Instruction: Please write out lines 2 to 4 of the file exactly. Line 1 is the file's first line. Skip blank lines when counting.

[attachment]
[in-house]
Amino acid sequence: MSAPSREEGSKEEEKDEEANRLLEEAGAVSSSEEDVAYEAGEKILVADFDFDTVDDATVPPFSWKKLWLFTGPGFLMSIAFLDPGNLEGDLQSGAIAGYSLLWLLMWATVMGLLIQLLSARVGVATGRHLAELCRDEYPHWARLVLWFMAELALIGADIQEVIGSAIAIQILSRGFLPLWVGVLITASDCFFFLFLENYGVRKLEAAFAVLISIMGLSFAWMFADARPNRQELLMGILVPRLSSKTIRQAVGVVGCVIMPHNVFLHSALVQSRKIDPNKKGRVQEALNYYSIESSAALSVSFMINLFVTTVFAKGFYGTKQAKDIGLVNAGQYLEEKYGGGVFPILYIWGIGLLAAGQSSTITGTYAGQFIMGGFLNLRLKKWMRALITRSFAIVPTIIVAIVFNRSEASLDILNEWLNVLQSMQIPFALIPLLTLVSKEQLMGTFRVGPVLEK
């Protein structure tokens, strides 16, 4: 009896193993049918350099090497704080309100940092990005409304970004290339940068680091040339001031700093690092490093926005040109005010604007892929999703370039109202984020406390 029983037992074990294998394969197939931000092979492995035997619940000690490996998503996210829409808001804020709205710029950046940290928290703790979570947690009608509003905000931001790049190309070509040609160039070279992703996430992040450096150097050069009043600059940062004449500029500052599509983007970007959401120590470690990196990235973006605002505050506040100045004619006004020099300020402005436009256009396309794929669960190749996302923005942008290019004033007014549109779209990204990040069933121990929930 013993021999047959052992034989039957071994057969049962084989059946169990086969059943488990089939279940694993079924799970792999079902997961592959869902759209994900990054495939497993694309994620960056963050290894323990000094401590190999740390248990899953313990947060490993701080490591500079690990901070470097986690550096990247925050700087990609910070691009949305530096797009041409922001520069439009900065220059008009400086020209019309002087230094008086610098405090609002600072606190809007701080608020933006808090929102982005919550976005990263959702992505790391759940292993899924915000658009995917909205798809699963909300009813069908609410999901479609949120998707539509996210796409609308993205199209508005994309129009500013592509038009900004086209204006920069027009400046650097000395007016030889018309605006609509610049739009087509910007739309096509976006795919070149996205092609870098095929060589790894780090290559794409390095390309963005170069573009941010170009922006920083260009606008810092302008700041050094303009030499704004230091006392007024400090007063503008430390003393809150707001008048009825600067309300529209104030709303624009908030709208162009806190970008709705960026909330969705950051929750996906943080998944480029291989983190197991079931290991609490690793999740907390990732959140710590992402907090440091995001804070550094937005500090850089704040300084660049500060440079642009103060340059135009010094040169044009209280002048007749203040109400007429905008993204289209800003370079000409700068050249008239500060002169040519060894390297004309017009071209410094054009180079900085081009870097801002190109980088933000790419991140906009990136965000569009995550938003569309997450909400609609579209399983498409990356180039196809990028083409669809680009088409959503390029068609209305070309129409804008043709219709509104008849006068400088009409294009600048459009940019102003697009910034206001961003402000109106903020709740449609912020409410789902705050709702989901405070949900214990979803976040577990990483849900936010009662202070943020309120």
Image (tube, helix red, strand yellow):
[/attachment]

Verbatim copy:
Amino acid sequence: MSAPSREEGSKEEEKDEEANRLLEEAGAVSSSEEDVAYEAGEKILVADFDFDTVDDATVPPFSWKKLWLFTGPGFLMSIAFLDPGNLEGDLQSGAIAGYSLLWLLMWATVMGLLIQLLSARVGVATGRHLAELCRDEYPHWARLVLWFMAELALIGADIQEVIGSAIAIQILSRGFLPLWVGVLITASDCFFFLFLENYGVRKLEAAFAVLISIMGLSFAWMFADARPNRQELLMGILVPRLSSKTIRQAVGVVGCVIMPHNVFLHSALVQSRKIDPNKKGRVQEALNYYSIESSAALSVSFMINLFVTTVFAKGFYGTKQAKDIGLVNAGQYLEEKYGGGVFPILYIWGIGLLAAGQSSTITGTYAGQFIMGGFLNLRLKKWMRALITRSFAIVPTIIVAIVFNRSEASLDILNEWLNVLQSMQIPFALIPLLTLVSKEQLMGTFRVGPVLEK
């Protein structure tokens, strides 16, 4: 009896193993049918350099090497704080309100940092990005409304970004290339940068680091040339001031700093690092490093926005040109005010604007892929999703370039109202984020406390 029983037992074990294998394969197939931000092979492995035997619940000690490996998503996210829409808001804020709205710029950046940290928290703790979570947690009608509003905000931001790049190309070509040609160039070279992703996430992040450096150097050069009043600059940062004449500029500052599509983007970007959401120590470690990196990235973006605002505050506040100045004619006004020099300020402005436009256009396309794929669960190749996302923005942008290019004033007014549109779209990204990040069933121990929930 013993021999047959052992034989039957071994057969049962084989059946169990086969059943488990089939279940694993079924799970792999079902997961592959869902759209994900990054495939497993694309994620960056963050290894323990000094401590190999740390248990899953313990947060490993701080490591500079690990901070470097986690550096990247925050700087990609910070691009949305530096797009041409922001520069439009900065220059008009400086020209019309002087230094008086610098405090609002600072606190809007701080608020933006808090929102982005919550976005990263959702992505790391759940292993899924915000658009995917909205798809699963909300009813069908609410999901479609949120998707539509996210796409609308993205199209508005994309129009500013592509038009900004086209204006920069027009400046650097000395007016030889018309605006609509610049739009087509910007739309096509976006795919070149996205092609870098095929060589790894780090290559794409390095390309963005170069573009941010170009922006920083260009606008810092302008700041050094303009030499704004230091006392007024400090007063503008430390003393809150707001008048009825600067309300529209104030709303624009908030709208162009806190970008709705960026909330969705950051929750996906943080998944480029291989983190197991079931290991609490690793999740907390990732959140710590992402907090440091995001804070550094937005500090850089704040300084660049500060440079642009103060340059135009010094040169044009209280002048007749203040109400007429905008993204289209800003370079000409700068050249008239500060002169040519060894390297004309017009071209410094054009180079900085081009870097801002190109980088933000790419991140906009990136965000569009995550938003569309997450909400609609579209399983498409990356180039196809990028083409669809680009088409959503390029068609209305070309129409804008043709219709509104008849006068400088009409294009600048459009940019102003697009910034206001961003402000109106903020709740449609912020409410789902705050709702989901405070949900214990979803976040577990990483849900936010009662202070943020309120």
Image (tube, helix red, strand yellow):